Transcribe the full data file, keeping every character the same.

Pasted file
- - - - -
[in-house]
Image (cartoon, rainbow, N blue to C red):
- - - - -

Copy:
[in-house]
Image (cartoon, rainbow, N blue to C red):